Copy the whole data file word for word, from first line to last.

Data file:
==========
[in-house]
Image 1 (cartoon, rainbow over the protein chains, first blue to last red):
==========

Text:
[in-house]
Image 1 (cartoon, rainbow over the protein chains, first blue to last red):